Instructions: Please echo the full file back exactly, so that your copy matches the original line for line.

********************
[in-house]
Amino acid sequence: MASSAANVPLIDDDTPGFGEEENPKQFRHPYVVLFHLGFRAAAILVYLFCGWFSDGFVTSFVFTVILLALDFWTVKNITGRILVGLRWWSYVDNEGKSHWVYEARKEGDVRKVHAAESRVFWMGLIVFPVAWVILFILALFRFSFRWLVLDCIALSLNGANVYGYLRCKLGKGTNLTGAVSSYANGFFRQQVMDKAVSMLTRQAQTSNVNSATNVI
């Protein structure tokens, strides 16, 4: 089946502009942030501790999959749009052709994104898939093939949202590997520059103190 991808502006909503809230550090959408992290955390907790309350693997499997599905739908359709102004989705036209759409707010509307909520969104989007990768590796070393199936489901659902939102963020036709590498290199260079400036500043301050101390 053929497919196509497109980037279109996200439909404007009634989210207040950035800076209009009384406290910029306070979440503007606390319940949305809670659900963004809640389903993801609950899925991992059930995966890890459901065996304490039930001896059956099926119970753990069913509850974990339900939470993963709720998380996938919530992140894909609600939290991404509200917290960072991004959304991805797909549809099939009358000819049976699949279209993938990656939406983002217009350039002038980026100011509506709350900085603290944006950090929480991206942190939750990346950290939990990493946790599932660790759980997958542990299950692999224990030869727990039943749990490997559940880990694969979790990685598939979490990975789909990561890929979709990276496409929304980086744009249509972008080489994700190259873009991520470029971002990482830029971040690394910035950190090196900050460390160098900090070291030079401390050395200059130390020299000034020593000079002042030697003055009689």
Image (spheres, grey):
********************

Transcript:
[in-house]
Amino acid sequence: MASSAANVPLIDDDTPGFGEEENPKQFRHPYVVLFHLGFRAAAILVYLFCGWFSDGFVTSFVFTVILLALDFWTVKNITGRILVGLRWWSYVDNEGKSHWVYEARKEGDVRKVHAAESRVFWMGLIVFPVAWVILFILALFRFSFRWLVLDCIALSLNGANVYGYLRCKLGKGTNLTGAVSSYANGFFRQQVMDKAVSMLTRQAQTSNVNSATNVI
């Protein structure tokens, strides 16, 4: 089946502009942030501790999959749009052709994104898939093939949202590997520059103190 991808502006909503809230550090959408992290955390907790309350693997499997599905739908359709102004989705036209759409707010509307909520969104989007990768590796070393199936489901659902939102963020036709590498290199260079400036500043301050101390 053929497919196509497109980037279109996200439909404007009634989210207040950035800076209009009384406290910029306070979440503007606390319940949305809670659900963004809640389903993801609950899925991992059930995966890890459901065996304490039930001896059956099926119970753990069913509850974990339900939470993963709720998380996938919530992140894909609600939290991404509200917290960072991004959304991805797909549809099939009358000819049976699949279209993938990656939406983002217009350039002038980026100011509506709350900085603290944006950090929480991206942190939750990346950290939990990493946790599932660790759980997958542990299950692999224990030869727990039943749990490997559940880990694969979790990685598939979490990975789909990561890929979709990276496409929304980086744009249509972008080489994700190259873009991520470029971002990482830029971040690394910035950190090196900050460390160098900090070291030079401390050395200059130390020299000034020593000079002042030697003055009689």
Image (spheres, grey):